Singapore—A majority of Singaporeans are either neutral or positive concerning foreigners or non-citizens in the country, according to a recent poll from REACH, the Ministry of Communications and Information national feedback and engagement unit.

In a statement released on Saturday (Oct 10), REACH said its poll showed that “Singaporeans do not feel strongly negative about foreigners in Singapore.”

The feedback unit said that it has conducted a poll via telephone to 2,100 randomly selected Singapore citizens from the ages of 15 and older from August 11 to 21, 2020, as well as an online poll of 1,050 randomly selected Singapore citizens in the same age range from August 11 to 21, 2020.

According to Mr Tan Kiat How, REACH Chairman and Minister of State in the Prime Minister’s Office and the Ministry of National Development, “During this difficult period, Singaporeans are understandably anxious over job security and career opportunities. The Government remains committed to helping Singaporeans keep their jobs or find new ones. Nevertheless, it is heartening to know that many Singaporeans understand the need for Singapore to remain open to global talent.”

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Forty-nine per cent—or nearly half—of the respondents said that they were neutral on the issue of foreigners in the country. Moreover, the percentage of respondents who expressed negative sentiments were relatively low, with 14 per cent either very negative or negative about foreigners in Singapore. Furthermore, the statement from REACH pointed out that those who ere either very positive or positive about foreigners in Singapore were more than double of that, at 35 per cent.

The poll also found that respondents who were jobless were more likely to feel negative towards foreigners. And this group also had a higher rate of job-related concerns concerning foreigners.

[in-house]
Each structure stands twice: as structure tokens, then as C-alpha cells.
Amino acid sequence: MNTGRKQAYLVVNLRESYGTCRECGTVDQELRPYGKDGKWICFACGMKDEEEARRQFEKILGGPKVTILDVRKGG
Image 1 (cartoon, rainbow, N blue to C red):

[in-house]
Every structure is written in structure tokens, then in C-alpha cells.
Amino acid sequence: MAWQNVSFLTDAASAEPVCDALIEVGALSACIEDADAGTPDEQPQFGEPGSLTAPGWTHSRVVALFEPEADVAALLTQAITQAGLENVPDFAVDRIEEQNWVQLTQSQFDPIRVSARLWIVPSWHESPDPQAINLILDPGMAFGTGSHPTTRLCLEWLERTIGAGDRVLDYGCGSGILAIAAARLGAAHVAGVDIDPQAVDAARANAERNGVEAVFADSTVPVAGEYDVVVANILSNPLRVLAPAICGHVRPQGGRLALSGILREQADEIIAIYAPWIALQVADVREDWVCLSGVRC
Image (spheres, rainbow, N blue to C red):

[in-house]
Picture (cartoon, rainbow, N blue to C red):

Concerning the top three things that bothered the respondents the most concerning foreigners, 47 per cent did not mention any concerns about foreigners, while 23 per cent mentioned job-related concerns, and 16 per cent concerned about the social habits of foreigners (e.g. perceptions of cleanliness, talking loudly).

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The study also found that “Singaporeans generally agreed with the importance of remaining open to foreigners,” with 63 per cent strongly agreed or agreed that it is important that Singapore remains open to foreigners. One-quarter of the respondents expressed that they were neutral with regards to the issue, and 10 per cent strongly disagreed or disagreed with this statement. Jobless respondents were also “more likely to be neutral on the importance of Singapore remaining open to foreigners.”

Finally, 81 per cent of the respondent agreed that even though some jobs end up occupied by foreigners, it is still good for the country to be a regional hub in jobs creation. Nineteen per cent of the respondents said it’s better for Singapore not to be a regional hub so that the number of foreigners in Singapore would be reduced, even if this meant a decrease in job opportunities for Singaporeans. —/TISG

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